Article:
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Conservatives Call UNC Campus Liberal

UNC received national attention after a series of teach-ins relating to the events of Sept. 11 was attacked as being too liberal.

But two recent teach-ins on UNC-Chapel Hill's campus have been the subject of national criticism from several prominent conservatives. Radio talk show hosts Rush Limbaugh and G. Gordon Liddy both have made references to the University's "liberalism" on their shows, citing the teach-ins as an example.

Chancellor James Moeser has received hundreds of e-mails from across the nation criticizing the University for its "anti-American" behavior. The Web magazine, sponsored by prominent conservative David Horowitz, has featured several articles criticizing the University.

But UNC's national attention might have been prompted by conservatives with ties to campus.

Scott Rubush, associate editor of, is a UNC graduate and was the publisher of the Carolina Review while he was at the University. Rubush said he continues to follow events at his alma mater and heard about the teach-in. He called Michelle Oswell, a UNC graduate student in music, to write an article because he had seen her Web site about the teach-in. Both Oswell and Michael Burdei, junior political science major and staff writer for the Carolina Review, were paid the standard $100 for freelance work.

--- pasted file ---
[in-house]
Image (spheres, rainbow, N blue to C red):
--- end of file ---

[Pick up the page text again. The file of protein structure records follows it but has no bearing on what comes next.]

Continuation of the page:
Rubush said the article, titled "America's Enemies Rally at UNC-Chapel Hill," was faxed to major media outlets and could have landed in the hands of the conservative talk show hosts. "It would be possible that Limbaugh and Liddy had seen it," he said.

Rubush said once the faxes were sent out, other news organizations likely picked up on the story and launched their own. "It's sort of a feeding frenzy," he said.

Catherine Lutz, a UNC anthropology professor and an organizer of the teach-ins, said the articles in Horowitz's magazine proved to be good fodder for radio shows. "Media feeds on the media, and the two students' article about the initial teach-ins characterize the teach-ins in a completely false way," Lutz said. "Those hate radio shows ... their goal is to get people angry at left targets."

Lutz said the student connection to the University has aided in the increased media attention.

"It's not because we have more progressives on campus, (and) it's not because we've said anything different from what's been said around the country," she said.

Rubush said UNC might be receiving more scrutiny from Horowitz's organization than other colleges, but he insisted that Horowitz has not targeted the University.

"Chapel Hill is coming under scrutiny because of their radical ideas," he said. "If they hadn't opened their big mouths this wouldn't have happened."

In an interview with The Daily Tar Heel on Tuesday, Horowitz also said he is not targeting UNC. "My intention is focused nationally," he said. "What got my attention was the lunatic left that is so entrenched in (UNC)."

But Lutz said the articles that appeared on Horowitz's Web site did not accurately describe the teach-in. "They made up a story to fit their liberal image," she said.

Horowitz, who was involved in a national debate last year because of an ad he authored denouncing slave reparations, said he has plans to speak at UNC.

He said he will continue to expose liberalism on the campus until there is more equal representation of political views at UNC. "The University of North Carolina is a one-party school, and I'm going to wage a war to make it a two-party school."

The State & National Editor can be reached at

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